VIVID Sydney Festival Review

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VIVID Sydney

“So…” my sister, Anna, begins between alternating bites of polish sausage slathered in upmarket mustard and waffle-on-a-stick drowned in chocolate sauce, “explain to me how this fits with the tiny concert we went to last night?”

She gestures towards a sea of food vendors, street performers, and interactive light displays. The scene is blissfully chaotic, a sort of maximalist carnival aimed at activating all your senses in unison. As an avowed hedonist, I am literally in paradise. Even the slight chill doesn’t bug me.

“I’m not sure, really,” I say, marveling at the phantasmagoric projections beamed onto the Sydney Opera House, across the harbor from where we’re posted up. “It’s all just… really fun, interesting, weird stuff jammed into a month. Tomorrow I’m seeing Spike Lee at City Hall. There’s a comedy show later in the week.”

“Fun, interesting, weird stuff” is about as good of a tagline as you’re going to find for VIVID Sydney, a month-long festival spanning May and early June. It ranges across the city and out into the suburbs, featuring light shows, concerts, chef’s dinners, salon talks, and TED-like symposiums. There is so much going on every night, it would be easy to think “who can actually attend all this stuff” — sort of the festival equivalent of the peak TV conundrum, “who watches all these shows?” But sure enough, people show up. Lots of them. Now 10 years old, VIVID has found its audience between Sydneysiders, New South Wales residents on short jaunts, and vacationers from further abroad.

In all the world, Sydney is perhaps the perfect city for VIVID. Having been to the city roughly a dozen times, there is one thing I know about the locals: they get out. Sure, they complain about rent and restaurant prices like anyone else living in big cities, but they do it while sipping $18 AUD cocktails at rooftop bars at 3 pm on a Wednesday. There is perhaps no more social big city on earth. So a festival that is just sort of everywhere all at once fits nicely.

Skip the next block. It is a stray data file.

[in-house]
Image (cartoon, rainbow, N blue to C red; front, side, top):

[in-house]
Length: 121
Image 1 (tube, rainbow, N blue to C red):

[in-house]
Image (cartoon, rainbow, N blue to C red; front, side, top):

Here’s a rundown of what I saw, smelled, ate, drank, listened too, and immersed myself in over the four nights I spent in Sydney for VIVID 2019. Of course, if you head to the festival next year you won’t be able to replicate this trip, it’s always changing, but if I know anything about VIVID it’s this: there will be lots to do and it will be big, bright, and loud in all the best ways.


Watching Xira at Sydney’s historic Ziggy’s Barbershop as part of the X|CELERATE: Women In Music program felt akin to seeing Billie Eilish a few months before everyone else got in on the secret. Xira came on stage an demanded the crowd’s attention from the word “go.” She was joined in her set by her fiance and two more band members, but it was always crystal clear whose show this was.

While Xira cycled through soul-funk-pop fusion cuts — hook-heavy songs that felt Coachella-ready — a projection of random Rick & Morty episodes played on a backing screen. At first, models and club kids danced up front while slightly-older Syndey hipsters bobbed their heads in the back like they were seeing some vintage Social Distortion. Eventually, the dancing vibes seeped toward the back of the room, like ink bleeding across cotton. By the time Xira turned control of the small room (with a collage of well-coifed 90s celebrities covering every inch of wall) over to Lupa J, the whole crowd was fully feeling the moment.

It was the sort of tiny venue, high-energy show that happens far too rarely these days. One of those nights where you think, “this person is going to be famous as sh*t in a few years.”

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